What are the world's equity markets trying to tell us? It seems bizarre that after the mayhem of the summer – the huge and continuing squeeze on liquidity which has forced losses on most of the large banks and brought a few smaller ones around the world to their knees – share prices should have rebounded back to all-time highs.
Here in Britain, the main indices still have some way to go to pass their previous peaks at the Millennium, but shares here have rather lagged behind other places. New York is very close to its all-time high and Asian shares keep hitting new peaks. Insofar as share prices are supposed to give an early warning signal, albeit an imprecise one, of economic trouble to come, they certainly seem remarkably sanguine. If they are right, maybe Gordon Brown should not worry about going for an early election after all: maybe the economy won't get worse next year.
The flow of international economic news carries similar contrasts. Just this week, we have had more dire news about US housing, with prices going into what commentators describe as "freefall", yet British company profits (which actually reflect global demand as much as British) are rising to a new peak.
We still have a lot of strain evident in the money markets. It is intriguing to see reports that London banks are borrowing heavily in Frankfurt from the European Central Bank, rather than from the Bank of England, because they fear that borrowing in London would place a stigma on them. This seems odd, but it would explain the sudden rise in sterling over the past few days, as these euros would be switched into pounds.
The strain is evident in the US, too. The Federal Reserve has cut its interest rates and that has helped a bit. But the Eurodollar three-month rate, the most important single rate for dollar funding, has come down only to a little below the level it was at throughout the past year. You can see that in the first graph: the action by the Fed has offset the rise caused by the mayhem in the markets but banks still have to pay almost as much for their money as they were doing a year ago. The main beneficiary of lower rates has been the US taxpayer, for rates on the Treasury's super-safe bills have indeed fallen sharply – a telling example of the preferences of investors for quality instruments.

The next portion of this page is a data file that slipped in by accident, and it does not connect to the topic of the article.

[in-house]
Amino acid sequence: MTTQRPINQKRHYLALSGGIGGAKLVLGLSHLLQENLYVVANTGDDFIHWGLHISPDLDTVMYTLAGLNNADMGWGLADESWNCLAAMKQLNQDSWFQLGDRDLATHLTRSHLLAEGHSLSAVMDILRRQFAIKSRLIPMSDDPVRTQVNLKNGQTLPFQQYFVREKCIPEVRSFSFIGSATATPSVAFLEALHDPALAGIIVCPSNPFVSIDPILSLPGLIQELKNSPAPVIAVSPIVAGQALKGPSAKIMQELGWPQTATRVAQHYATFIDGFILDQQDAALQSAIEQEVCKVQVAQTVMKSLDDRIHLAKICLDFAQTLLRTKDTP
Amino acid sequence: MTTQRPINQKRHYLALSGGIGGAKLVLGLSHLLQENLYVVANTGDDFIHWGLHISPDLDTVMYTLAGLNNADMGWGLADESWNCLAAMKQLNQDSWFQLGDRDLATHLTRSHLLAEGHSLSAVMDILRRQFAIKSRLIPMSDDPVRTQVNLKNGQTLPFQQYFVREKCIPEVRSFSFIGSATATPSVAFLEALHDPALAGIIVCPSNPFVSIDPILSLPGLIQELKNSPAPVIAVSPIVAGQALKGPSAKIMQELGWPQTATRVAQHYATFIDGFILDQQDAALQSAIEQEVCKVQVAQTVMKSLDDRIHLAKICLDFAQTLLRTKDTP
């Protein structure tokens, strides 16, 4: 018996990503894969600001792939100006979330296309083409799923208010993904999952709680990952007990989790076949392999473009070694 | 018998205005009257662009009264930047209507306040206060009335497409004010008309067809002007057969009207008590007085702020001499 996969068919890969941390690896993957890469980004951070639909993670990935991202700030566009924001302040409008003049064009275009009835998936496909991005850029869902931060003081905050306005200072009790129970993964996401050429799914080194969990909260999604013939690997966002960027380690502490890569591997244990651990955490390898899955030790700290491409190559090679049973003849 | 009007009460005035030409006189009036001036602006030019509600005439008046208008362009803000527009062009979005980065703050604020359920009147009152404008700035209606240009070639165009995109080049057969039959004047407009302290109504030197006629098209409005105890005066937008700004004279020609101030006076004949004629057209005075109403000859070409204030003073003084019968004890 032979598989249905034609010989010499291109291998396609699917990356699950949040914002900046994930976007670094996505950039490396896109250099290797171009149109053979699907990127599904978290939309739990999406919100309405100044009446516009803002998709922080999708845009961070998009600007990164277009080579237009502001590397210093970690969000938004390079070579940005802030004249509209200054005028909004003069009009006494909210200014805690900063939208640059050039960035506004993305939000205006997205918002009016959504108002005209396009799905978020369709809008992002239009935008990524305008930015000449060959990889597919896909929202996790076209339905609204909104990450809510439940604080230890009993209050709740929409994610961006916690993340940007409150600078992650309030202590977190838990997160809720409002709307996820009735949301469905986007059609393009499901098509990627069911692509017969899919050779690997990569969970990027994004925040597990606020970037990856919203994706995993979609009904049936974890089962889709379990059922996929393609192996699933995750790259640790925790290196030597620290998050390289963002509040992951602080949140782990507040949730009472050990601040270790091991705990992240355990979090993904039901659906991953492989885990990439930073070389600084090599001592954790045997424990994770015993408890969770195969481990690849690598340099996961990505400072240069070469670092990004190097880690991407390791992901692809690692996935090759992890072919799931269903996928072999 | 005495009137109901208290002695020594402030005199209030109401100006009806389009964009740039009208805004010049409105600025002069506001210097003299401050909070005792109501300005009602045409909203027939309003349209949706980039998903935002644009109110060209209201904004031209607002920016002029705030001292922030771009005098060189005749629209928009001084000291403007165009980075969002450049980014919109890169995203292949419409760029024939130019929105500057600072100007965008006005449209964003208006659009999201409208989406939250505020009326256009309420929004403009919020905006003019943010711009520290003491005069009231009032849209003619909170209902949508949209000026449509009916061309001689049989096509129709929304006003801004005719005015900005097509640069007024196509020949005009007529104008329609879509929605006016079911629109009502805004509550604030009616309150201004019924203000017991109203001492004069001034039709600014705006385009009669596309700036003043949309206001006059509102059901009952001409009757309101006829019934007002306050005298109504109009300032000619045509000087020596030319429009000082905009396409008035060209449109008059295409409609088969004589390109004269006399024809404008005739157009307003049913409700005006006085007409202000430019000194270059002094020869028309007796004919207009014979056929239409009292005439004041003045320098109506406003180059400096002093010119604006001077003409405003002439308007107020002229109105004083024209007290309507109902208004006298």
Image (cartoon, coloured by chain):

But there are losers too, and here, I think, lies part of the explanation of the recovery in share prices. There is a simple explanation of the way the Fed cut has boosted share markets: it shows that the Fed is sensitive to the needs of the US economy and that it will be supportive of growth. The more complicated explanation is that it has made holding US Treasury bills much less attractive and overseas investors have taken this as a cue to press on with the rebalancing of their assets. Part of that rebalancing is a switch out of dollar assets altogether, hence the continuing downward pressure on the dollar. Another part is a switch into equities generally. But, of course, it is only sensible to switch into equities if you believe that the world economy will carry on growing, because it is that growth that sustains company profits. Yet the world's largest economy, America, is in some trouble. Whether or not Alan Greenspan is right to reckon that there is nearly an even chance of recession there, it is not going to be much of a locomotive for the rest of the world for the next 18 months. So the question then is whether the rest of the world economy can "decouple", that is the buzzword, from its largest constituent part.